The struggle for environmental justice in California began decades ago and continues today. Environmental justice results from community level actions that build power and models; influence the political process and secure unprecedented legislation; and implement cutting-edge programs. Progress has not been easy. Many challenges had to be overcome, and political opposition has been consistent. The resources described in this compilation are the result of leadership from many communities, sometimes in collaboration with public agencies and sometimes in tension. There have been some significant successes at the local, regional and state-wide levels. However, much more is needed to address the many challenges related to environmental injustice and the climate crisis if we are to build truly equitable, healthy and sustainable communities for the 21st century.
The University of Michigan (U-M) Graham Institute Undergraduate Sustainability Scholars Program provides unique opportunities to expand and explore your interests in sustainability while engaging in leadership training. In addition to taking a nine-credit sequence of courses and participating in co-curricular activities, students can receive up to $4,000 to pursue a field-based sustainability experience. This fact sheet provides an overview of the program requirements and application process. Learn more about the U-M Undergraduate Sustainability Scholars Program.
Keywords: Sustainability scholars, interdisciplinary, sustainability leadership, field-based experiences, co-curricular activities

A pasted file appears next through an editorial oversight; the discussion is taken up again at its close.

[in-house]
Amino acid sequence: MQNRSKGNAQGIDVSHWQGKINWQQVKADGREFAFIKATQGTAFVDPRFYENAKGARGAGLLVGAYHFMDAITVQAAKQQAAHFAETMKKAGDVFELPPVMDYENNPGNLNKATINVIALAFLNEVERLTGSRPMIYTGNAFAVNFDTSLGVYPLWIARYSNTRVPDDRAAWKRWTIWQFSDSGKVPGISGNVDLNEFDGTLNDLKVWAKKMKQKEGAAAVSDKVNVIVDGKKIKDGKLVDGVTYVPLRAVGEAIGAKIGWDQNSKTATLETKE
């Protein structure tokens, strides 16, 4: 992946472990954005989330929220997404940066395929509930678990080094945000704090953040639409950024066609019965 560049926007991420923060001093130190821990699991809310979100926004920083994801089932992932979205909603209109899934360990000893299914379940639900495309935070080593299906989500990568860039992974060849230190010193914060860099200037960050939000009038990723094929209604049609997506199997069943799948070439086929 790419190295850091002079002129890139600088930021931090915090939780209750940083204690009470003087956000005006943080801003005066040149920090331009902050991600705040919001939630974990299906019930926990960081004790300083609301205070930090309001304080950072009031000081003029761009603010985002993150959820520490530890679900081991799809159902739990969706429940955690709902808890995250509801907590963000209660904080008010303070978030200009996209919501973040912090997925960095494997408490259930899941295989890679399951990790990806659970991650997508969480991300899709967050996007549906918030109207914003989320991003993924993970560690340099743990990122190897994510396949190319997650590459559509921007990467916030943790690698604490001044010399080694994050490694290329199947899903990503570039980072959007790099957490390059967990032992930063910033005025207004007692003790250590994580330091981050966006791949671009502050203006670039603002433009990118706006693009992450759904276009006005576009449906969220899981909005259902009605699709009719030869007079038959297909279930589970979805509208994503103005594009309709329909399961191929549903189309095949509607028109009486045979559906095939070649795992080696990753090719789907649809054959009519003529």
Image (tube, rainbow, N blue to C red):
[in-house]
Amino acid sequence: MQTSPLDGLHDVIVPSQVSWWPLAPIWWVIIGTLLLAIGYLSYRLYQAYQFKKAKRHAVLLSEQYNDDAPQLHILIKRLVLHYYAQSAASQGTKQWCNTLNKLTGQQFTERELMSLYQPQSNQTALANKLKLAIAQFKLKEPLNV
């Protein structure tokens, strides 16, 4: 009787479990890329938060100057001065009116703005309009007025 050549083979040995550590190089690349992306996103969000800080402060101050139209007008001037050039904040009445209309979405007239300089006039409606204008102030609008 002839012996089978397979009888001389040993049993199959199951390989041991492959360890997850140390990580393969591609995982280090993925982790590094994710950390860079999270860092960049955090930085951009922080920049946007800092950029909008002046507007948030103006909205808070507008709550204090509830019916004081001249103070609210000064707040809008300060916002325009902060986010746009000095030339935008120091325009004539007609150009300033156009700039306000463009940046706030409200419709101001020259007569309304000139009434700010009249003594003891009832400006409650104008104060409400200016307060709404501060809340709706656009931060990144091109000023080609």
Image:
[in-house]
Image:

Undergraduate Sustainability Scholars Program Fact Sheet:
The Upper Peninsula of Michigan is a quiet, rural area where you can escape the busyness of urban cities. Population density is low in the Upper Peninsula (UP), making energy transmission costs high and causing electricity rates to be among the highest in the United States. In Baraga, 33.2% of residents live below the poverty line, and a reduction in electricity rates would make a significant difference to them.
Joan Iverson Nassauer, Natalie R. Sampson, Noah J. Webster, Margaret Dewar, Shawn McElmurry, G. Allen Burton Jr., & Catherine Riseng.
A summary of refereed literature that addresses social and environmental performance and governance of GSI, and results of NEW-GI’s analyses of the performance of bioretention garden pilot sites in Detroit’s Warrendale neighborhood. This report integrates assessments of water quality, stormwater flows, residents’ preferences, neighborhood well-being, and the maintenance characteristics of 18 different design alternatives for GSI on vacant property in residential neighborhoods.
The Graham Institute catalyzes and facilitates sustainability engagement and collaboration for University of Michigan faculty and students, across all academic units, working in partnership with external stakeholders. The Institute convenes interdisciplinary faculty and student teams to address local-to-global sustainability challenges.
College tuition rates are increasing every year, forcing many students to take out student loans. Free Application For Student Aid (FAFSA) is something every college student fills out, but not many truly understand how the process of student loan borrowing works. Michigan student loan default rates are higher than the national average, and women, especially women of color, are disproportionately affected by student debt. With a $5,000 seed grant from the Dow Distinguished Awards competition, a University of Michigan (U-M) student team is co-designing a solution with students to meet their loan literacy needs.
The research findings summarized in this report provide a more complete understanding of the relative contributions of different sources of phosphorus within the St. Clair-Detroit River System watershed, including Lake Huron, point sources, combined sewer overflow events,and runoff from both agricultural and urban lands.
This is the executive summary for the final report of the Watershed Asessment of Detroit River Phosophorus Loads to Lake Erie.